Few, if any, centuries in world history have had such a profound and long-lasting impact as the first hundred years of Islamic history. In this book, David Nicolle, a former member of the BBC's Arabic service, examines the extensive Islamic conquests between 632 and 750 AD. These years saw the religion and culture of Islam, as well as the Arabic language, erupt from the Arabian Peninsula to spread across an area far larger than that of the Roman Empire at its greatest extent. It also saw the abrupt collapse of the Persian Empire, as well as the permanent withdrawal of the Romano-Byzantine Empire and its associated cultures, along with Christianity as a ruling faith, from the Middle East and North Africa.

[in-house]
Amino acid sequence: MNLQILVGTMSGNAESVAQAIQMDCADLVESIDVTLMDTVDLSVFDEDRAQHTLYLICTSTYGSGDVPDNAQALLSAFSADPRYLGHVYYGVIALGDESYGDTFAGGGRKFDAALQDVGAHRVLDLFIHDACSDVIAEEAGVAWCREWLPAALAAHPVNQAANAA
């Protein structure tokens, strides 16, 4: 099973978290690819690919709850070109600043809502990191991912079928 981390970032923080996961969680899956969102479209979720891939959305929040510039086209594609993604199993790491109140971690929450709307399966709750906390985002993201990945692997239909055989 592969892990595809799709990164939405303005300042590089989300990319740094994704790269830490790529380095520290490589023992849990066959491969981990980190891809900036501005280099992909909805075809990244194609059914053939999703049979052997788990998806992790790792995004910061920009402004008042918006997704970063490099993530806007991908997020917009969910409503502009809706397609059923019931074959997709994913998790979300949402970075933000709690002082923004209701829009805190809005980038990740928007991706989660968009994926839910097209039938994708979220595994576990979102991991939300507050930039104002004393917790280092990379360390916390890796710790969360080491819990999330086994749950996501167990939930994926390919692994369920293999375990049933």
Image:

Virtually all the lands "opened" by their armies remain Islamic - and in many cases Arabic-speaking - to this day, in contrast to the often ephemeral achievements of better-known conquerors, such as Alexander the Great and several Roman Caesars, and the effects of this rapid expansion was to shape European affairs for centuries to come.
About the Author
Born in 1944, David Nicolle worked in the BBC's Arabic service for a number of years before gaining an MA from the School of Oriental and African Studies, London, and a doctorate from Edinburgh University. He has written numerous books and articles on medieval and Islamic warfare, and has been a prolific author of Osprey titles for many years. The author lives in Leicestershire, UK.